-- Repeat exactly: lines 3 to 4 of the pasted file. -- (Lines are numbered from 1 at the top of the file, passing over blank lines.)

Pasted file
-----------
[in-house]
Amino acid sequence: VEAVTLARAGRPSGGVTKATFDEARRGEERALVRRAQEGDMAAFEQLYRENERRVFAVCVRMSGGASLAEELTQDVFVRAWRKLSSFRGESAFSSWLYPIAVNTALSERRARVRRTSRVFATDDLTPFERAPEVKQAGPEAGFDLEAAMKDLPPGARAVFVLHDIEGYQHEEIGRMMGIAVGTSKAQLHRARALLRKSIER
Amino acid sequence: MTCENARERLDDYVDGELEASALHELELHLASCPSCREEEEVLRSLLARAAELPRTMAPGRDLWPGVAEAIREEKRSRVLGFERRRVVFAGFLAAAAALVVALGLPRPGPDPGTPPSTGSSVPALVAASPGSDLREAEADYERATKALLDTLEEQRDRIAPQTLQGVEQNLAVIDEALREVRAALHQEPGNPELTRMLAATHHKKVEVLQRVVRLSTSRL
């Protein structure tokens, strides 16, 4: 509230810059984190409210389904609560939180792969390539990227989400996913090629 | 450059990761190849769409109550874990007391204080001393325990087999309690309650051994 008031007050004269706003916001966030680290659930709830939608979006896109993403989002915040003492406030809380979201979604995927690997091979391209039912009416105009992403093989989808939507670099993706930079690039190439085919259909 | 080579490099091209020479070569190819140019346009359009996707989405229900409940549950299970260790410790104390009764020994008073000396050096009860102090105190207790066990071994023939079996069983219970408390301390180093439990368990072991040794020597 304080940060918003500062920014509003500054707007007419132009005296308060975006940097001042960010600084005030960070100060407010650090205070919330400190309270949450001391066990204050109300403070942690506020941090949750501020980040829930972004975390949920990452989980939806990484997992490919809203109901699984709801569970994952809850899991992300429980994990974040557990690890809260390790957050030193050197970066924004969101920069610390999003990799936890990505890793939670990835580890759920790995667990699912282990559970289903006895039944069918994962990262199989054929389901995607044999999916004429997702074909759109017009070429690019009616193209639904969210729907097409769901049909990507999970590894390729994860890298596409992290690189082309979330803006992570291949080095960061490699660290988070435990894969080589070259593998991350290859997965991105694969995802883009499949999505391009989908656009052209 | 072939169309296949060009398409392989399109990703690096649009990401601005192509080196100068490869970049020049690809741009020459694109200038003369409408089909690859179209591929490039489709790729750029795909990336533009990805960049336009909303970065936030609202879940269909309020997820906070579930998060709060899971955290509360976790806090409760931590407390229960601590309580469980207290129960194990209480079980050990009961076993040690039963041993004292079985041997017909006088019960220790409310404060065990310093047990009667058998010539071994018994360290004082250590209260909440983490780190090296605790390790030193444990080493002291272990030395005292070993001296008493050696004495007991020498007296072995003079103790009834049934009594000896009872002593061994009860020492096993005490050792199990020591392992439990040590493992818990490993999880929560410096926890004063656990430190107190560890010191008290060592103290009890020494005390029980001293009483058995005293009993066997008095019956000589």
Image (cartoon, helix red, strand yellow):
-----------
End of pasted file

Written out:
Amino acid sequence: MTCENARERLDDYVDGELEASALHELELHLASCPSCREEEEVLRSLLARAAELPRTMAPGRDLWPGVAEAIREEKRSRVLGFERRRVVFAGFLAAAAALVVALGLPRPGPDPGTPPSTGSSVPALVAASPGSDLREAEADYERATKALLDTLEEQRDRIAPQTLQGVEQNLAVIDEALREVRAALHQEPGNPELTRMLAATHHKKVEVLQRVVRLSTSRL
């Protein structure tokens, strides 16, 4: 509230810059984190409210389904609560939180792969390539990227989400996913090629 | 450059990761190849769409109550874990007391204080001393325990087999309690309650051994 008031007050004269706003916001966030680290659930709830939608979006896109993403989002915040003492406030809380979201979604995927690997091979391209039912009416105009992403093989989808939507670099993706930079690039190439085919259909 | 080579490099091209020479070569190819140019346009359009996707989405229900409940549950299970260790410790104390009764020994008073000396050096009860102090105190207790066990071994023939079996069983219970408390301390180093439990368990072991040794020597 304080940060918003500062920014509003500054707007007419132009005296308060975006940097001042960010600084005030960070100060407010650090205070919330400190309270949450001391066990204050109300403070942690506020941090949750501020980040829930972004975390949920990452989980939806990484997992490919809203109901699984709801569970994952809850899991992300429980994990974040557990690890809260390790957050030193050197970066924004969101920069610390999003990799936890990505890793939670990835580890759920790995667990699912282990559970289903006895039944069918994962990262199989054929389901995607044999999916004429997702074909759109017009070429690019009616193209639904969210729907097409769901049909990507999970590894390729994860890298596409992290690189082309979330803006992570291949080095960061490699660290988070435990894969080589070259593998991350290859997965991105694969995802883009499949999505391009989908656009052209 | 072939169309296949060009398409392989399109990703690096649009990401601005192509080196100068490869970049020049690809741009020459694109200038003369409408089909690859179209591929490039489709790729750029795909990336533009990805960049336009909303970065936030609202879940269909309020997820906070579930998060709060899971955290509360976790806090409760931590407390229960601590309580469980207290129960194990209480079980050990009961076993040690039963041993004292079985041997017909006088019960220790409310404060065990310093047990009667058998010539071994018994360290004082250590209260909440983490780190090296605790390790030193444990080493002291272990030395005292070993001296008493050696004495007991020498007296072995003079103790009834049934009594000896009872002593061994009860020492096993005490050792199990020591392992439990040590493992818990490993999880929560410096926890004063656990430190107190560890010191008290060592103290009890020494005390029980001293009483058995005293009993066997008095019956000589």